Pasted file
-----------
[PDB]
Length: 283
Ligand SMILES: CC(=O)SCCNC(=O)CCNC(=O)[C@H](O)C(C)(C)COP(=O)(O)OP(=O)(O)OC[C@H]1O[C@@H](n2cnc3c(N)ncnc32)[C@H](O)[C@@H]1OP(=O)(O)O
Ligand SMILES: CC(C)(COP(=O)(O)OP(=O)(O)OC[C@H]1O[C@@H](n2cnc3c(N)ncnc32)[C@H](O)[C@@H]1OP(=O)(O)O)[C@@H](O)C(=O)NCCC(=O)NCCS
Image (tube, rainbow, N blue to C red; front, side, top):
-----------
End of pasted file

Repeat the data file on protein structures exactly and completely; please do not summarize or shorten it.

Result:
[PDB]
Length: 283
Ligand SMILES: CC(=O)SCCNC(=O)CCNC(=O)[C@H](O)C(C)(C)COP(=O)(O)OP(=O)(O)OC[C@H]1O[C@@H](n2cnc3c(N)ncnc32)[C@H](O)[C@@H]1OP(=O)(O)O
Ligand SMILES: CC(C)(COP(=O)(O)OP(=O)(O)OC[C@H]1O[C@@H](n2cnc3c(N)ncnc32)[C@H](O)[C@@H]1OP(=O)(O)O)[C@@H](O)C(=O)NCCC(=O)NCCS
Image (tube, rainbow, N blue to C red; front, side, top):